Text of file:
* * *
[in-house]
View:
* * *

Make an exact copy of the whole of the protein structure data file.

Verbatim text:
[in-house]
View: